The analysis revealed two overarching insights into New Orleans current response to cases involving people with LEP. First, as with many criminal legal system agencies, data tracking methods are often inaccurate or incomplete. For example, following the implementation of The Blueprint for Safety in 2014, the New Orleans Police Department (NOPD) changed their electronic reporting system to allow for tracking the need for interpreter services, but the analysis team discovered during review of these reports that officers did not consistently capture this information. Second, the quality of language access services provided by agencies varies; some agencies have a formal plan or policies in place while others do not. Lack of access to existing interpretation services, reliable technology, and limited funding and resources for improved or additional language access services hinder the system’s ability to respond to domestic violence crimes equitably, safely and meaningfully. While focused on the response to people with LEP, the analysis also revealed variability in the existence of formal policies and quality of practices in providing ASL interpretation or other accessibility services for individuals who are Deaf or Hard of Hearing. The New Orleans Blueprint Monitoring Team is actively seeking to address these key issues, which will lead to improved ability to monitor the short- and long-term impact of changes and to improved response to people with LEP.
The New Orleans Blueprint Monitoring Team identified the following concrete recommendations in response to these findings and is now working to incorporate them into their Blueprint response:
- The development and implementation of language access plans and policies in all criminal agencies.
- The development of specific guidance and training for officers on the importance of using certified interpreters over bi-lingual bystanders at the scene.
- Ensuring print materials distributed to survivors by patrol officers are available in as many languages as possible.
The New Orleans Blueprint Monitoring Team will continue to conduct further practice assessment with the criminal legal agencies, such as listening to 911 call recordings to assess for communication efficacy with callers with LEP and facilitate focus groups with practitioners from 911 and NOPD to learn about their experiences responding to and adequately helping people with LEP.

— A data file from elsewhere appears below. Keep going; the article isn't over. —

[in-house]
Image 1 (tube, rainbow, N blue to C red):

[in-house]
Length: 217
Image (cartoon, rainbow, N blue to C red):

To learn more:
- Contact Praxis! We have worked with many communities to use Praxis IA to enhance their system responses to gender-based violence. We provide consultation to help you explore tools, resources, and strategies to uncover and address inequities in your system response: email@example.com
- Tools and Resources:
- Praxis Institutional Analysis (also called The Praxis Safety and Accountability Audit)
- Language Access
- The Blueprint for Safety
- The Blueprint for Safety
- The Blueprint for Safety Principle 6: Act in ways that reduce unintended consequences and the disparity of impact on victims and offender
- The Blueprint for Safety Policy and Practice Assessment Guide
- The Blueprint for Safety
- Webinars featuring Blueprint communities, Blueprint Principle 6, and Institutional Analysis
Blueprint Communities in the News
Kansas City, Missouri: The Kansas City team launched their Blueprint for Safety on September 28, 2020! We are so proud of their hard work and tenacity. Read their press release about the launch.
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Blueprint for Safety Team
This project was supported by Grant No. 2015-TA-AX-K032 awarded by the Office on Violence Against Women, U.S. Department of Justice. The opinions, findings, conclusions and recommendations expressed here are those of the author(s) and do not necessarily reflect the views of the U.S. Department of Justice.